Upon hearing of the release of funds, Huberty said, “I am very pleased to see these federal dollars finally make it into the hands of the districts who will be the best stewards of this money. We as legislators made sure the funds were distributed in an equitable manner and given to help our districts when they need it most. While we still have a lot of work to do, I know that our Superintendents will use this money to preserve the jobs of our teachers, making sure our children continue to receive a quality education.”
Crosby ISD Superintendent Keith Moore said, “We are very greatful for Mr. Huberty’s efforts and we certainly do need the funding. Right now we have begun to cut back about $3.1 Million, we hope the amount of shortfall will be closer to the Senate’s bill of about $4.2 Billion than the House’s but no one can say for sure.”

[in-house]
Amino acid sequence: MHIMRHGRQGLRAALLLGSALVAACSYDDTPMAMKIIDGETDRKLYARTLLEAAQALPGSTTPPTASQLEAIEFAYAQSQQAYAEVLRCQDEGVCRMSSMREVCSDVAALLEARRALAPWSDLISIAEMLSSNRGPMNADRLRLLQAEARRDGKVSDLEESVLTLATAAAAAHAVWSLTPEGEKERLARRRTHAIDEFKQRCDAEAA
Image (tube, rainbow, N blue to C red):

“It appears that the education jobs money will flow to the districts but that is not 100% certain. There is still lots of negotiating going on as far as school finance. They are getting close it appears but no one is certain which direction it will go. We just don’t know what is going to happen with the budget but we are greatful for Mr. Huberty’s efforts.”
Freshman State Representative Dan Huberty, R., District 127, has been appointed to the Education Committee and the State Affairs Committee in Austin.

Judge addresses County’s waste

CROSBY– Harris County Judge Ed Emmett addressed the Crosby/Huffman Chamber of Commerce on county problems and projections. It was not the usual talking points with the same old promises as made for the last 20 years. This time someone with an understanding of how the logistics of the county actually get dysfunctional made a suggestion on how the county can save money.
“Here locally the county has problems that are going to start eating our lunch. The criminal justice system, right now the jails are overcrowded, we are sending prisoners to Louisiana and other counties. We have to get some of those people out of our jails. The first people we need to get out of our jails have mental health issues. They are our frequent flyers, we see them over and over.